Current-induced magnetization switching in exchange-biased spin valves for current-perpendicular-to-plane giant magnetoresistance heads

A. Deac, K. J. Lee, Y. Liu, O. Redon, M. Li, P. Wang, J. P. Nozières, B. Dieny

Research output: Contribution to journalArticle

29 Citations (Scopus)

Abstract

In contrast to earlier studies performed on simple Co Cu Co sandwiches, we have investigated spin-transfer effects in complex spin-valve pillars with a diameter of 130 nm developed for current-perpendicular-to-plane magnetoresistive heads. The structure of the samples included an exchange-biased synthetic pinned layer and a free layer, both laminated by insertion of several ultrathin Cu layers. Despite the small thickness of the polarizing layer, our results show that the free layer can be switched between the parallel (P) and the antiparallel (AP) states by applying current densities of the order of 107 A cm2. A strong asymmetry is observed between the two critical currents I c AP-P and Ic P-AP, as predicted by the model of Slonczewski. Due to the use of exchange-biased structures, the stability phase diagrams could be obtained in the four quadrants of the (H,I) plan. The critical lines derived from the magnetoresistance curves measured with different sense currents, and from the resistance versus current curves measured for different applied fields, match each other very well. The main features of the phase diagrams can be reproduced by investigating the stability of the solutions of the Landau-Lifshitz-Gilbert equation including a spin-torque term, within a macrospin model.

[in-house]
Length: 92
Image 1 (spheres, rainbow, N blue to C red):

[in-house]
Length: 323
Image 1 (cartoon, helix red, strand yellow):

Original languageEnglish
Article number064414
JournalPhysical Review B - Condensed Matter and Materials Physics
Volume73
Issue number6
DOIs
Publication statusPublished - 2006

ASJC Scopus subject areas

  • Electronic, Optical and Magnetic Materials
  • Condensed Matter Physics

Fingerprint Dive into the research topics of 'Current-induced magnetization switching in exchange-biased spin valves for current-perpendicular-to-plane giant magnetoresistance heads'. Together they form a unique fingerprint.

  • Cite this